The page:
Local 6 Today takes part in National Wear Red Day for women's heart disease

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Web Editor - Ryan Burkett

Today is National Wear Red Day, a day sponsored by the American Heart Association to raise awareness for women's heart disease.

The day began 10 years ago to raise awareness about heart disease, which is the top killer of women in America, killing hundreds of thousands each year.

There are several things all women should know about heart disease:

First, all women should be diligent about checking their cholesterol. It's a fat-like substance that can build in the inner walls of your arteries over time and turn into plaque, which reduces blood flow and can cause blood clots, heart attacks or stroke.

There are two types of cholesterol: LDL, which can clog your arteries and is bad; and HDL, which removes excess plaque from your arteries and is considered good.

High blood pressure also remains a silent killer. It carries no symptoms and can put you at greater risk for heart disease. It's a condition that makes the heart work harder than normal, and if left untreated it can scar and damage your arteries.

A normal blood pressure for women age 20 and over is less than 120 systolic (the top number) and less than 80 diastolic (the bottom number).

If you smoke, you're likely aware that you're not doing your body any favors, but you're also putting your heart at risk. Women who smoke have a 25 percent higher risk of developing heart disease than men who smoke. Nicotine makes your heart rate and blood pressure skyrocket, damaging blood vessels and decreasing good cholesterol.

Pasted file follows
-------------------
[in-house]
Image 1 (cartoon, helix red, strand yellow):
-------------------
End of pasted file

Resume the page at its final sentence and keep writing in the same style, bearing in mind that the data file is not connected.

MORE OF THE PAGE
If you carry around excess weight, you are at risk of straining your heart and raising your blood pressure. The body needs fat to survive, but the risk of heart disease goes up with too much fat. The good news: losing as few as 10 pounds can lower that risk.

As many as six million adults in the U.S. might have diabetes and not even know it. But those with the disease are up to four times more likely to have heart disease or a stroke than adults without it.

It's possible for the symptoms of diabetes to to unnoticed for years, so you should be familiar with the warning signs. They include: high blood pressure; high cholesterol; African American, Asian American or Native American descent; and a history of gestational diabetes.

Check out the video for more information on National Wear Red Day.

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